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Election Day 2020: When will we know who won President, House, Senate races? When will results be announced?

President Donald Trump and Democratic presidential nominee Joe Biden. (Yuri Gripas/Abaca Press/TNS)

Election Day is here, but it could stretch into Election Week. Or Election Month.

In 2000, the U.S. Supreme Court didn’t declare George W. Bush the winner of the presidential election until five weeks after Election Day. Similarly, it could also take days or weeks until we know whether President Donald Trump or former Vice President Joe Biden will take the oath of office in January.

The reason? An unprecedented number of mail-in ballots, hotly contested swing states, a possible record turnout and the threat of post-election lawsuits means it may take a while until all the votes are counted.

“The reality is anything could happen. We could sit here spending all our time talking about Michigan and Pennsylvania and for some reason it comes down to six electoral votes in Nevada. Absolutely anything is possible,” said Sylvia Albert, director of voting and elections for Common Cause.

“The toughest part is that there are so many different variables that are all new,” said Matthew Hale, a political science professor at Seton Hall University. “It’s like trying to nail Jell-O to a wall.”

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When’s the earliest we could know the results of the presidential election?

President Donald Trump and former Vice President Joe Biden are vying for several key states on the path to reach the 270 electoral votes needed for victory.

When we learn the winner will depend on when those states finish counting their ballots.

Analysts are keeping a close eye on Florida, which is expected to have preliminary results on Tuesday night, and Pennsylvania, where the count is expected to take much longer.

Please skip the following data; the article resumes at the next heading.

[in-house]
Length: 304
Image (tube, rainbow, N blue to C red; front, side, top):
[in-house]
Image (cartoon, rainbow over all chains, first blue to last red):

Additionally, according to Nate Silver’s FiveThirtyEight, Arizona, Minnesota, Nevada and North Carolina are among the battleground states that may also play a big role. Those four states can count ballots before Election Day, so preliminary results should be available Tuesday evening.

Wisconsin, another key state, had to wait for Election Day to start counting. Officials there said they expect to have everything tallied by Wednesday morning. “I believe that we will be able to know the results of the Wisconsin election, hopefully that night and maybe at the latest the very next day,” Gov. Tony Evers said last month.

If Biden captures Florida or North Carolina, Silver’s model gives him a better than 99% chance of becoming the next president. Likewise, if Trump wins Minnesota, he has a 75% chance of being re-elected.

“It’s completely possible we could know by 11 or 12 on Election Night if one candidate gets enough states to get to 270 electoral votes,” said Joe Lenski, vice president of Edison Research, a Somerville-based polling research firm that will conduct the exit polls for a consortium of television networks.